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Master Positions

Colloidal Interactions at Oil-Water Interfaces

Colloids are particles in the size range from about 10 nm to 10 µm, which are dispersed in a medium. Characteristic to them is that they are on one hand small enough to experience pronounced Brownian motion and on the other hand large enough to regard the surrounding medium as homogeneous. In daily life we meet them in form of foods, paints or cosmetic products, however at our institute we preferentially investigate well defined spherical particles made out of polystyrene or other polymers.

 Oil Water InterfaceOil Water Potential

The properties of colloidal dispersions and emulsions result from microscopic interactions of colloidal particles among themselves and external boundaries. In a preceding Master thesis a new total internal reflection microscope (TIRM) was set up, that for the first time is capable of measuring interactions between colloidal probe particles and liquid-liquid interfaces. Using evanescent light scattering on single particles, the interactions of particles at an oil-water interface can be determined with sub 10 femtonewton (10-15 N) force resolution.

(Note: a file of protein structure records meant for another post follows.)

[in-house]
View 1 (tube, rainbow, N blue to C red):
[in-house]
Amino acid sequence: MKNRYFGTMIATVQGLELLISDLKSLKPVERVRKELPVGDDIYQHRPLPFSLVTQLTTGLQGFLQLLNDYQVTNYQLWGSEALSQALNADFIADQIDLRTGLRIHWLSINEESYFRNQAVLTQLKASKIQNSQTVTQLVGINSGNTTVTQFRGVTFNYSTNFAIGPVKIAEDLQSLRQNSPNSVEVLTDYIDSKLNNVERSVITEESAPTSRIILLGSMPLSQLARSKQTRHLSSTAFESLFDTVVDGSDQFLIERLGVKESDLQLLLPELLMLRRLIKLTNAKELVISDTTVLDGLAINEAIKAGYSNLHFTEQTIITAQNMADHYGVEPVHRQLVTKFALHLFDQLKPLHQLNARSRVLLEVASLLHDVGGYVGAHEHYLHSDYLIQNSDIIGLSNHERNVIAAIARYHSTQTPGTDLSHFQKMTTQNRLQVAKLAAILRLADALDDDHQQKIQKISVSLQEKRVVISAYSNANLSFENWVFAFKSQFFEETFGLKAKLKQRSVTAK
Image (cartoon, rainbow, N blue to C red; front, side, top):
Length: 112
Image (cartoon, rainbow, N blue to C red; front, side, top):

The above figure shows measured interaction potentials of attractive van der Waals forces competing with repulsive electrostatic interactions at different electrolyte concentrations. The fits according to DLVO-theory show excellent agreement with the data and the potential of the method for precise measurement of interactions.

Within this thesis in particular the electrostatic interactions with the oil water interface should be characterized further in the presence of very special salts (like NaBPh4). These salts have anions, which prefer the oil phase while the kations dissolve only in the aqueous phase. This results in interesting charge effects (Donnan potentials) at the oil-water interface.
The aim of the thesis is the first direct measurement of these potentials for colloidal particles.

If you are interested, please contact:  Dr. Laurent Helden (E-Mail), 2. Physikalisches Institut, Raum 5-549, Tel. 685-652-19.